Barbara Stripling has served as assistant professor of practice at Syracuse University’s School of Information Studies since 2012, and was recently promoted to senior associate dean. Stripling also served as president of the American Library Association (ALA) from 2013–14, where she initiated a number of programs that reflected her commitment to library advocacy. These included the ALA Task Force on Equity, Diversity, and Inclusion and the proactive public awareness initiative Libraries Change Lives, which culminated in the “Declaration for the Right to Libraries”—a statement testifying to the power and value of libraries that was signed by advocates nationwide.
Paul Gazzolo joined library resource vendor Gale, part of Cengage Learning, as senior vice president and general manager this November. He will be leading Gale’s strategy, product development, sales, and marketing teams, working closely with Gale’s partner libraries. Before moving to Gale, Gazzolo was general manager of research and learning at Wolters Kluwer CCH tax and accounting service. Prior to that position he served as president of World Book, where he successfully transitioned the well-known encyclopedia into a digital presence.
Okay folks, it’s time to talk about one of those things they usually don’t cover in library school: job benefits. As any employer can tell you, the cost of your benefits is considerable (or at least, usually it is, if you have halfway decent benefits, and most libraries do provide at least that). Which means your employment provides you with stuff to which you may not pay a lot of attention…until you’re up against a problem and really need that safety net.
For many, salary discussion is the last taboo. But without knowing how their peers are compensated, it can be hard for librarians to make their case for better pay—and hard for library leaders to make the case to funders that higher salaries are necessary to attract and retain the best candidates. LJ has, for years, conducted its annual Placements & Salaries survey, which focuses on recent graduates, to dig into what beginning librarians earn in their first positions and what trends those salaries reveal. Now, with the help of more than 3,200 public, academic, school, special, government, and consortium librarians from all 50 states, LJ’s inaugural salary survey for U.S. librarians and paralibrarians takes a deeper look at the range of the field’s salary potential.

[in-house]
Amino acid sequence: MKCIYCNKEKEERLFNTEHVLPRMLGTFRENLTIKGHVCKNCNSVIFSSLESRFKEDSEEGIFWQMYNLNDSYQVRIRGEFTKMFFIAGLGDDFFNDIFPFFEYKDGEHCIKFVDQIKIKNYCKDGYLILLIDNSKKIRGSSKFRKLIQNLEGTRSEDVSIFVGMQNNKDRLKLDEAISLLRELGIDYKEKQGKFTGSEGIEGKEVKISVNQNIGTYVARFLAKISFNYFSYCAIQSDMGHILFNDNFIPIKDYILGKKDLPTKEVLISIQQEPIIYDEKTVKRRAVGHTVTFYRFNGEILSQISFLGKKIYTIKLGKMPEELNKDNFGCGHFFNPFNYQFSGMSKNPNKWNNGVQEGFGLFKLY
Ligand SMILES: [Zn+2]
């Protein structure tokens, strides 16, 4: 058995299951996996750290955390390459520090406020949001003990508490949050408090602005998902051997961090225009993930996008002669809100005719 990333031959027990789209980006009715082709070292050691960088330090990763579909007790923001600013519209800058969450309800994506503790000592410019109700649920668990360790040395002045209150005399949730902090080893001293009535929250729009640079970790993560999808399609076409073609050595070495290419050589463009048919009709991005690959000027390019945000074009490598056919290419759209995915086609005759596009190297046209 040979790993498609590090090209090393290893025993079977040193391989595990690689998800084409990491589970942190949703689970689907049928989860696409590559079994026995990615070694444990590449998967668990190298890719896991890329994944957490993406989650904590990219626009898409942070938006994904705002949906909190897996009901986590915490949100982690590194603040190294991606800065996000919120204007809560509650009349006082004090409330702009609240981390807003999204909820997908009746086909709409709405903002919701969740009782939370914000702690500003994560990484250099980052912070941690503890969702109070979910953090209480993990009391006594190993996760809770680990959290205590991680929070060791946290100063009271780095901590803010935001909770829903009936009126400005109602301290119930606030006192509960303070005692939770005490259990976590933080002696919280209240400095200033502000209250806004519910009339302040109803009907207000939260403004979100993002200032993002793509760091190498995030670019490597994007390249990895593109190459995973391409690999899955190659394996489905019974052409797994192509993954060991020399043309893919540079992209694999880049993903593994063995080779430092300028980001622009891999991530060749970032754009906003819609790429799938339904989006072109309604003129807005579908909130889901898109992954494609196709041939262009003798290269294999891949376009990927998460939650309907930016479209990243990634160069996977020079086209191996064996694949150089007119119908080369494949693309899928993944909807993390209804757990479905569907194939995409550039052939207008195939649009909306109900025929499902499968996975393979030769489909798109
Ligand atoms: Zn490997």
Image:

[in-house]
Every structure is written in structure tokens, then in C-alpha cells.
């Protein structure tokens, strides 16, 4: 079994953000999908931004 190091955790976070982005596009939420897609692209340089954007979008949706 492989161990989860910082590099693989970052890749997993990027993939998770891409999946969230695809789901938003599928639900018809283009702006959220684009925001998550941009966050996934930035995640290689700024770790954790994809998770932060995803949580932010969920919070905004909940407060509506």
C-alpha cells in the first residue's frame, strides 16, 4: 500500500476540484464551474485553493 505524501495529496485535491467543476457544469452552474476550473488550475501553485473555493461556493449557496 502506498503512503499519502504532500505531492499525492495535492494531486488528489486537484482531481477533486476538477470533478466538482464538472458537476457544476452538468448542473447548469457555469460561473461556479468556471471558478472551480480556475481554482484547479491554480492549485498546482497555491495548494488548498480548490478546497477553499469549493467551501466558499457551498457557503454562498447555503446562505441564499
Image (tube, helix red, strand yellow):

More data from LJ’s inaugural salary survey
Data from LJ’s inaugural salary survey presented in tabular format
So I was at the Information Desk in Widener not long ago, and business was uncharacteristically slow (the thing I like best about working the Information Desk is that it’s usually hoppingly busy, and the kinds of questions that come in range from, “Where’s the bathroom?” to “Can you help me locate this 16th-century manuscript that’s essential for my thesis?”) when my friend and colleague, Joshua Parker, stopped by to say hello. Our discussions always cover a host of topics, but a favorite is about kinds of organizational structures (if you read the post linked from Joshua’s name you’ll see that he is that rare bird, a library manager mensch). He had some noteworthy things to say and some useful resources to recommend for reading, which I’ve found interesting and which I’m going to pass on to you folks. They’re not your usual library organization or management titles, however.
Could we talk about skill and competency lists, please? They’re everywhere, inescapable as change. Professional organizations have made dozens. Dozens more come from the LIS literature, as content analyses of collections of job ads or position descriptions. Whatever job you do or want to do in libraries, someone’s made a list of the skills you must supposedly have mastered.
When I attended a non-library event recently, I was introduced to the group as a librarian, whereupon one of the assemblage enthused, “you must love to read!” to which I replied, “I do—but I don’t get to do much of it at work.” “What do you do at work, then?” was the very reasonable followup question. I talked about database searching, and teaching, and serving at public desks, and giving researcher tours, and doing research consultations, and giving presentations, and serving on committees, and keeping statistics for all of this…and by that time the querent’s eyes were glazed over and they very probably regretted asking what they thought was a no-brainer question.